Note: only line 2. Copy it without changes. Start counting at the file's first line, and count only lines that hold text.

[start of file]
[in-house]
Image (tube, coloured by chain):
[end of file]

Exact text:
Image (tube, coloured by chain):